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Sunday, September 30, 2018

Carving the neck for Daffyd’s reso

Hi all. I’m behind in blogging at the moment. I’ve made progress on a few ukes but to keep it organized I’ll just show one tonight. The mahogany reso will have a mahogany neck. I needed a peghead overlay o the same wood as in the body, but want to be very economic with it. So I looked at the circular piece I got from the sound well. Problem was it had a hole in the centre. I cut it diagonally to get the hole out, and glued the halves back together with a stylish strip of alternating wood veneers, maple and mahogany. 



It turned out really nice I think. 



Then onwards to my favourite part, the carving. I marked out the angles and widths and made starting cuts with a chisel. 



Then I ripped it close to the lines with my Pax rip saw. I gave the teeth on the rip saw a little extra set and it went much straighter. Should’ve done that a couple of years ago. 



And here’s a new knife. I saw someone on youtube carving with a knife with an extremely long handle. And I had a spare blade so I made one like it. Jury’s still out but it cuts well enough after a session on the water stones. 

I made the entry and exit points at the heel and headstock ends. 



And then I took the small wooden spokeshave that serves me so faithfully. With the initial carves made this last step takes me five minutes at most. I wish it took longer because it is immensly satisfying. 




Saturday, September 22, 2018

Bending sides of mystery wood

The soprano I build for my daughter Li will have a top of the century old reclaimed wood from a boat. A boat that her grandfather swapped a 1950’s Zündapp motorbike for - I think I told you a couple of years ago and I’m certain you remember.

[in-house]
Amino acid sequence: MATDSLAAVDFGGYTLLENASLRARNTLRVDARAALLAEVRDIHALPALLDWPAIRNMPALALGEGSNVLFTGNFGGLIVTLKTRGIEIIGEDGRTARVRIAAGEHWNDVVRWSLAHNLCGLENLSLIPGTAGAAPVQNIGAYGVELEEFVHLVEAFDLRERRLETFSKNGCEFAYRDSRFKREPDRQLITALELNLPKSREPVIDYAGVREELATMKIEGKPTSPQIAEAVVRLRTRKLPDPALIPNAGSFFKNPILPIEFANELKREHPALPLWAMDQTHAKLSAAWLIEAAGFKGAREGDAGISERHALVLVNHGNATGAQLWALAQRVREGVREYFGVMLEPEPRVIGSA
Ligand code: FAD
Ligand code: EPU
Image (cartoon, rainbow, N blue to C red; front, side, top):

The back and sides will be from this dark wood, of a species I shall not guess. Maybe Micke will email me if he sees this, he set me straight on that last reso in april. 

Anyway the wood is heavy, hard and felt a bit brittle. Not unlike plate glass. So I hesitated bending it directly on the form with the blanket, opting instead to bend it on the pipe and then setting the shape on the form. So I bent the sides close to shape and wrapped the first one in paper. It was some packaging paper I had around, but I think a heavier craft paper had been better. 



Then it went onto the form. I started with the waist as usual, clamping it down tight. Then I took the bouts one at a time, and it wasn’t scary or difficult as they were almost in shape already. 



And after drying out and cooling off it looked line this. A lot of resin had come out of the wood and soaked into the paper. I’m glad I chose paper instead of aluminium foil, not that I’m sure there would have een any sort of reaction. 



And here they are. The lower part with the more flatsawn pattern will be cut off and then the bookmatch is surprisingly good. And it’s got two eyes, staring evilly. Is that a word, evilly? Should be. 




Wednesday, September 12, 2018

A few new projects

Many pics of my roaring start. The fall season will be busy. First pic is me resawing a piece of an old door. Spruce or pine, don’t really know, it is old, dry as bone and very tightly grained. It’ll be a top for a soprano with mahogany back and sides. 



Then I spent a gruesome couple of hours kneeling by the drum sander. It’s really hard work but in the end I had processed wood for three sopranos and a reso. 

Wait, this second pic was taken before that. I cut the parts for the reso very carefully from that wide mahogany sheet I made last weekend, laying them out to ensure maximum yield. 



Here’s the one piece rim for one of the sopranos. I bent it on the bending iron and will do that for another one as well. The third sop will have sides in two halves so I’ll bend those on the bender. It’s some dark hard wood so the bending blanket will probably be a bit easier.